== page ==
Something I did like was Lucifer's calling - I think that it shows nicely the full circle he has made and that the souls he thought he is supposed to torture he is now helping heal. In a way, Hell is also the reflection of who Lucifer is - when he saw himself as broken, as evil, as unworthy and undeserving, Hell was also a place of torture - it was a reflection of him. And now that he accepted himself and that others have accepted him for who he is as well, it is a place of healing. In the end, Hell is his kingdom and he can choose to rule it the way he wants to. He broke his own hell loop and he truly became a lightbringer.
And, of course, Lucifer and Chloe (they are so soft and I am so soft for them). Taking into consideration my very bad OTP track reckord, I kinda expected a much, much worse ending for them - I mean, the Devil falling in love with a human, what could possibly go wrong, right? I knew from the very beginning that they aren't getting a pure, wholeseome, family-like ending. In order for that to happen, she would either have to become immortal (leaving Trixie, losing her detective identity), or he would have to become mortal - both of these scenarios feel cheap and I never would have wanted this for them or the show. Another option was to give them their happy life on Earth but then they would either have to leave a somewhat open ending or deal with the fact that ultimately, as a mortal, Chloe will die. And if they were given their happy ending on Earth, who knows if they would end up together in afterlife. Even if they did, it definitely wouldn't feel as emotional and as gratifying as it does now. The thing is, it is easy to give in to the pain of their separation when we measure it by the pivotal moments of happiness and loss that drive the lives of humans - him not being there when Rory was born or when she grew wings or when she started school - and it is even harder when you know how much she needed him and how much he wanted to be there for her. It is even more painful when you think about Chloe spending her entire lifetime without him, carrying all that pain inside of her, and him spending what had to be centuries alone in Hell. However, this is a fantasy show and many of our characters are immortal, celestial beings who have a different understanding of time, so maybe the idea of what a happy ending is and the rules for measuring happiness aren't the same as they would have been under other circumstances. Chloe became lieutenant and tried to make a difference, and she got to raise her daughters and see them grow up, and Lucifer helped so many souls heal, doing so much good. And now they get to spend the eternity together, solving crimes and kicking ass in the afterlife! Many of their friends and family are immortal, celestial beings too and (I am pretty sure) they can pay a visit to their human friends in Heaven... or see them in Hell, but let's hope not! In the end, what is one lifetime compared to eternity? Of course, none of this makes for the time they have lost, the momories they didn't get to make and the moments he wasn't there for, but now there are so many new memories they will get to make and so many moments to catch up on. It is bittersweet, but I think that's how it was supposed to be - in the end, pain is part of life.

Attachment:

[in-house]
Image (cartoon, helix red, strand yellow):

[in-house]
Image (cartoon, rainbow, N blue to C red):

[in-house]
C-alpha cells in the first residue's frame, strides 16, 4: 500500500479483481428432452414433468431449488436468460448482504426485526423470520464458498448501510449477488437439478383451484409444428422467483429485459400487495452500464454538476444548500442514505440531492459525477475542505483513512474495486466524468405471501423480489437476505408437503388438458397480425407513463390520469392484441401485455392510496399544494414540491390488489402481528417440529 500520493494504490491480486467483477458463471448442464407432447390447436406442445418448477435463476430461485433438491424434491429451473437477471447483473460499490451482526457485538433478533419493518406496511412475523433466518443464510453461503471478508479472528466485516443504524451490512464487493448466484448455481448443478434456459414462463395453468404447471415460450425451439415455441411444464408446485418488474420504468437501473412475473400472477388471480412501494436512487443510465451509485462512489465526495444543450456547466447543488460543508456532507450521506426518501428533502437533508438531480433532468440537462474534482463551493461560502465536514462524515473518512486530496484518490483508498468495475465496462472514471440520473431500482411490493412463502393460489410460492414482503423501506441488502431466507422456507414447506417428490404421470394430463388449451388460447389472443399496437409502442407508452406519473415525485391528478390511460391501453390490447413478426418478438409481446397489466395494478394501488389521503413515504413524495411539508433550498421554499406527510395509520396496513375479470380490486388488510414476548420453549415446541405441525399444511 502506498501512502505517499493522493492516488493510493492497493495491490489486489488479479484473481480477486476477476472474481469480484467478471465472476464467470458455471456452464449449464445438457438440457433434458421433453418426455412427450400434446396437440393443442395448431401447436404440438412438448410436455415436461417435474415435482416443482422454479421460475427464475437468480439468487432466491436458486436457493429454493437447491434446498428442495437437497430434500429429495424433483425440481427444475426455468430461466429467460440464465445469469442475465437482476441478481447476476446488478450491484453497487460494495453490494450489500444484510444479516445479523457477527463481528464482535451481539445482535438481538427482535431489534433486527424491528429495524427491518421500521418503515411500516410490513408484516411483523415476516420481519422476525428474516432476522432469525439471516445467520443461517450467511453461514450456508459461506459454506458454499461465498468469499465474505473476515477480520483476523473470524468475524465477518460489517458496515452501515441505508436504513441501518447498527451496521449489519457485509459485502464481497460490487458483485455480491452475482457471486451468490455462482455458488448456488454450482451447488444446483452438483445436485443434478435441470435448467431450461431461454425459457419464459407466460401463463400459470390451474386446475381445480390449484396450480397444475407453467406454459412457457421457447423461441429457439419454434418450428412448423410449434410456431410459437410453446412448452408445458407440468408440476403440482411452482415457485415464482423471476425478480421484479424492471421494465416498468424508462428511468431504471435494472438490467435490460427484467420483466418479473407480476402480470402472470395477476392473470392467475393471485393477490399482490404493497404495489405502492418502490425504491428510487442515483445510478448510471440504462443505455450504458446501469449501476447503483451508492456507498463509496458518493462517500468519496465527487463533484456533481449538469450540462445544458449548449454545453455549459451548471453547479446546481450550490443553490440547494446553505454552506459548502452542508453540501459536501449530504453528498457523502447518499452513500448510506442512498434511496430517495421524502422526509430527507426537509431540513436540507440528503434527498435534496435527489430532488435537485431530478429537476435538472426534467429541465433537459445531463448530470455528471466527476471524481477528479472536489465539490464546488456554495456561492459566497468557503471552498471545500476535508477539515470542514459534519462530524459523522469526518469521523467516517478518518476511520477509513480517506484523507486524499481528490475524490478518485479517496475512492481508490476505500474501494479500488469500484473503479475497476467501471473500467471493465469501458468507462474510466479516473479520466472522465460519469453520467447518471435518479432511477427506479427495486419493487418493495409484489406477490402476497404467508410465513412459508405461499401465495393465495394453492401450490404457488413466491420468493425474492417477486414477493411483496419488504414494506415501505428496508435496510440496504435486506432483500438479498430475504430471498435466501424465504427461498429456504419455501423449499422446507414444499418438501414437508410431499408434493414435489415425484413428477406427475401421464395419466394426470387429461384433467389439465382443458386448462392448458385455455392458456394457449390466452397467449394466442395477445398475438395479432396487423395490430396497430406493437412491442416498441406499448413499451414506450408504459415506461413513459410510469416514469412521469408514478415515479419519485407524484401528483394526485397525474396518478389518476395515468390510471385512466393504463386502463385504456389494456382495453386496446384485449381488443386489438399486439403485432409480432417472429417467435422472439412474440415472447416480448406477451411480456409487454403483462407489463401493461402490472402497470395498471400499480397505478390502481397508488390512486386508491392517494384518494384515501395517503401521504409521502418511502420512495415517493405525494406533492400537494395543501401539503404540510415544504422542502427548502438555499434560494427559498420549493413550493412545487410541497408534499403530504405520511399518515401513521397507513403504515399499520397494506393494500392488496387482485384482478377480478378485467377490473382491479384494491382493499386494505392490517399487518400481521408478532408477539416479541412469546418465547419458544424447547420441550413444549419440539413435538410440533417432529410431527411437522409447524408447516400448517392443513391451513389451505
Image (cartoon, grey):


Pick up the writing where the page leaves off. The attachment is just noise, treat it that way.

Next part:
I also have a few (dis)honourable mentions:
1. I am really sad and disappointed Lucifer didn't get to say goodbye to Trixie. She was gone for the majority of the season, but she was also a very important person in his life and he loved her. And we know how much she loved him.
2. I can't get over Rory travelling through time to kill her father because she is angry at him... sis, you kill him before he makes you, you wipe yourself out of existence.
3. I can't believe that they were surprised that Chloe got pregnant after having loads of superhuman sex (without any protection, apparently) after another human already got pregnant with an angel not that long ago.
4. Lucifer saying goodbye to Maze will forever remain one of the most beautiful scenes in the show.
5. The final major scene between Chloe and Lucifer, where they say goodbye before he leaves for hell, lives in my head rent free. I was choking on tears watching that scene, I literally had to pause and rewind three times. Such a beautiful(ly painful) scene. Also, when you have a ship and a person A says to the person B "close your eyes", pain is coming. I swear I travelled back to 1999 when Buffy said the same thing to Angel before sending him to a hell dimension.
6. When Chloe dies and goes to Heaven and Amenadiel greets her and asks her if she's ready to go home and then takes her to Lucifer was so pure. Her Heaven is being in Hell with Lucifer and there's something deeply poetic about that.
7. Hearing hello detective for the last time cleared my skin.
I have really and truly enjoyed the show, and the minor inconsistencies I see in its ending can't change that. I loved the show because it told stories about people and it allowed them to drive the narrative, and I can't say many shows these days do that.